TRIPOLI, Libya

A Gadhafi stronghold falls, but there’s still resistance

Libyan revolutionary forces have captured almost all of Bani Walid, one of Moammar Gadhafi’s last remaining strongholds, but still face pockets of resistance as they try to end a weeks-long standoff, officials said Monday.

Fierce resistance in Bani Walid and Gadhafi’s hometown of Sirte has prevented Libya’s new leaders from declaring full victory and setting a timeline for elections. It has been more than two months since the former rebels gained control of the rest of the oil-rich North African nation.

In a step toward normalcy, the transitional leadership council confirmed it has signed an agreement with NATO that partially lifts the no-fly zone imposed in March over the country, allowing resumption of some flights without seeking NATO approval. The embargo was imposed as part of the U.N. Security Council resolution that authorized airstrikes to protect civilians from Gadhafi’s regime.

Anwar Elfeitori, the minister of transportation and communications, said the agreement signed Thursday in Malta will make it easier to transport wounded fighters from the front lines for treatment.

“The partial lifting of the air embargo will help with the transportation of the casualties, which is the No. 1 priority at this time, as well as facilitate the movement of people between Libya and the rest of the world,” Elfeitori told The Associated Press in an interview.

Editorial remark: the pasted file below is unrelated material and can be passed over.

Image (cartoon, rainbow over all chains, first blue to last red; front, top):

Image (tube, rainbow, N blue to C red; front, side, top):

LOS ANGELES

Mammograms every other year better, new study says

A new study supports getting mammograms every other year instead of annually.

It finds that more than 60 percent of women who get tested each year for a decade will be called back at least once for extra tests that turn out not to show breast cancer.

Screening every other year, as a government task force recommends, drops this false alarm rate to 42 percent without a big risk of cancer being found at a late stage, the study suggests. Having your previous mammogram available for comparison to the new one cuts the chance of a false alarm in half.

The study appears in the Annals of Internal Medicine. I

BROWNSTOWN TOWNSHIP, MICH.

Drinking dad makes his kid, 9, designated driver

A Detroit-area man had his 9-year-old daughter drive him to the store because he had apparently been drinking, police said Monday, and surveillance video from a gas station shows him telling a clerk that his daughter was his “designated driver.”

Brownstown Township Detective Lt. Robert Grant said the girl was sitting behind the wheel in a child’s booster seat before 3 a.m. on Oct. 8, when an officer opened the driver’s side door of the full-sized panel van her father uses for work. He said she was surprised when police pulled her over.

She said to the officer, “What did you stop me for? I was driving good,” Grant told the Detroit Free Press and The Detroit News.